The use of a reverse mortgage’s credit line to purchase a deferred annuity in order to use a combination of monthly draws from the credit line and annuity payments after the deferment period could make a major impact on the longevity of a borrower’s retirement finances, but such a tactic is heavily looked down upon by insurers. A change in the Federal tax code, however, to eliminate taxes on annuity payments that had been wholly funded with reverse mortgages could serve as a potential answer to this issue, according to Jack Guttentag, aka “the Mortgage Professor” in a new column at Forbes.
“[I]nsurers today view annuities funded by reverse mortgages as ‘unsuitable,’ and will not accept them,” Guttentag writes. “As a result, retirees today can use the credit line/annuity combo only through subterfuge. A determined retiree can place the funds drawn on the credit line into a bank deposit or investment account, then cite this account as the funding source of the annuity. Such cases are very uncommon.”
One of the major reasons insurers view annuities funded by reverse mortgages as an “unsuitable” arrangement is because it creates a “switch” from untaxed payments to taxed payments, since an annuity purchased with a reverse mortgage’s loan proceeds would be treated as a “non-qualified” purchase that then opens the annuity payments in excess of the paid premium to tax exposure, he says.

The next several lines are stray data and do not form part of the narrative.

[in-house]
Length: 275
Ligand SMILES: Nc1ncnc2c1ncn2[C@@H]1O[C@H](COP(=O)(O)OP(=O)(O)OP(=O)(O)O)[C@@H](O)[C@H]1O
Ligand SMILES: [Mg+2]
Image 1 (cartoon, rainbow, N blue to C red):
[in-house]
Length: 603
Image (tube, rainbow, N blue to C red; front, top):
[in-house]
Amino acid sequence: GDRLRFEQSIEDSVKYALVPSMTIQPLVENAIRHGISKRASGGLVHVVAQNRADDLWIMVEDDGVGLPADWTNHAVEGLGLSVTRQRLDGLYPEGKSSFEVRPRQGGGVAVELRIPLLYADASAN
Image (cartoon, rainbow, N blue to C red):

“Concerns about suitability would largely disappear if the Federal tax code was modified to eliminate taxes on annuity payments that had been wholly funded with reverse mortgages,” Guttentag says. “In effect, this change in the tax code would provide a Federal sanction to HECM/annuity combinations. There is also precedent for such action: 4 of the 8 states that currently tax annuity payments exempt annuities purchased with funds from IRAs, 401Ks and 403bs.”
While there are an abundance of crises that the government has to deal with today, this is one potential path forward to face the looming retirement crisis and the amount of house rich/cash poor seniors that are about to transition into life on a fixed income, Guttentag says.
“[M]illions of Americans are fast approaching retirement with their wealth largely or entirely in their home equity.,” Guttentag writes. “Treating HECM-funded annuity payments as tax-exempt could increase the spendable funds available to these hard-pressed retirees at a period in their lives when those dollars count most. There would be no loss in Federal tax revenues because the number of credit line/annuity combinations now being written is negligible. And because the tax [ex]emption would result in more annuities being written, there would be an increase in revenues in the 8 states that now tax annuity premiums.”
Read the column at Forbes.